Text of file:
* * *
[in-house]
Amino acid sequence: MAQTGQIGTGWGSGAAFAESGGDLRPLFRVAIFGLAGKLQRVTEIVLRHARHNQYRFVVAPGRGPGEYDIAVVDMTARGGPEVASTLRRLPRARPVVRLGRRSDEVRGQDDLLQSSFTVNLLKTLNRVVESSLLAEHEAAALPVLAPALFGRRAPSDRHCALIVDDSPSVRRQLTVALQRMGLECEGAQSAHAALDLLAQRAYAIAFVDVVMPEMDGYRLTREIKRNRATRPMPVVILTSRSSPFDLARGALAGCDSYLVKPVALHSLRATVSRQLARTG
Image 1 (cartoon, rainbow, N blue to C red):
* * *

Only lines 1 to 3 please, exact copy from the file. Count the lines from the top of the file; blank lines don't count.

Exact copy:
[in-house]
Amino acid sequence: MAQTGQIGTGWGSGAAFAESGGDLRPLFRVAIFGLAGKLQRVTEIVLRHARHNQYRFVVAPGRGPGEYDIAVVDMTARGGPEVASTLRRLPRARPVVRLGRRSDEVRGQDDLLQSSFTVNLLKTLNRVVESSLLAEHEAAALPVLAPALFGRRAPSDRHCALIVDDSPSVRRQLTVALQRMGLECEGAQSAHAALDLLAQRAYAIAFVDVVMPEMDGYRLTREIKRNRATRPMPVVILTSRSSPFDLARGALAGCDSYLVKPVALHSLRATVSRQLARTG
Image 1 (cartoon, rainbow, N blue to C red):